WASHINGTON — The Obama administration has agreed to pay $570,000 in attorneys fees after it lost a lawsuit in the U.S. Supreme Court surrounding a Mennonite company that challenged what is known as the abortion pill mandate.
As previously reported, Conestoga Wood Specialties Corporation, which has 950 employees at its Arkansas, Maryland, Utah, North Carolina and Pennsylvania locations, filed suit in December 2012 against the mandate, stating that it has never provided insurance coverage for medications that induce abortions, and doesn’t plan on doing so. It explained that terminating a life after conception violates its sincerely-held Mennonite beliefs, stating that it “is an intrinsic evil and a sin against God.”
In October 2012, the board of directors for Conestoga Wood Specialties Corporation, which is owned by Norman Hahn and run by his wife and five sons, composed “The Hahn Family Statement on the Sanctity of Human Life.”
“[H]uman life begins at conception (at the point where an egg and sperm unite), and that it is a sacred gift from God, and only God has the right to terminate human life,” the statement outlined.
Its current health care plan specifically excludes “contraceptive prescription drugs” and “any drugs used to abort a pregnancy.”
In January 2013, U.S. District Judge Mitchell Goldberg ruled against the Hahn family, opining that its manufacturing company was not entitled to an exemption under Obamacare because for-profit businesses that are secular in nature cannot be considered religious entities.
“It would be entirely inconsistent to allow the Hahns to enjoy the benefits of incorporation, while simultaneously piercing the corporate veil for the limited purpose of challenging these regulations,” he wrote.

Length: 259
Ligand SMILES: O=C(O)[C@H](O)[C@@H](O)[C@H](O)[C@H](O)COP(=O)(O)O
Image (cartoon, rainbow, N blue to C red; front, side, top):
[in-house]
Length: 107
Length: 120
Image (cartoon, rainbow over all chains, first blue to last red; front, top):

The case was then appealed to the 3rd Circuit Court of Appeals, but in a 2 to 1 decision, Goldberg’s denial was upheld. Therefore, attorneys for Conestoga Wood Specialties Corporation filed a petition with the nation’s highest court, asserting that the district court and appeals court were out of step with other circuits across the country. Attorney generals for eighteen states also filed briefs to urge the court to accept the appeal.
In June of last year, while also upholding the right of the popular craft chain Hobby Lobby to decline to pay for certain contraceptives that it considers to be abortifacients, the U.S. Supreme Court ruled in favor of Conestoga Wood Specialties Corporation. Although the case was not as high profile as Hobby Lobby, it was nonetheless considered a win for religious rights nationwide.
The matter was consequently remanded back to the lower court to rule accordingly, and in October, Goldberg granted Conestoga Wood Specialties Corporation a permanent injunction. On Friday, a settlement was published by the court, noting that the Obama administration has agreed to pay $570,000 in attorneys fees and costs associated with the lawsuit.
“The government does a serious disservice to taxpayers when it pursues unjust laws that force many of them to defend their constitutionally protected freedoms, said Alliance Defending Freedom (ADF) Senior Legal Counsel Matt Bowman in a statement. “While this case is finally over, many others remain. We hope the administration will stop defending its indefensible abortion-pill mandate and end its waste of taxpayer dollars on a fruitless quest to force people to give up their freedom to live and work according to their beliefs.”